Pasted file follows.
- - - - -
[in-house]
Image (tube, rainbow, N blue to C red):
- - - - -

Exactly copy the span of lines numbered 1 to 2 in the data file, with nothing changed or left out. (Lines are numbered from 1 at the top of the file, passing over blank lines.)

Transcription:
[in-house]
Image (tube, rainbow, N blue to C red):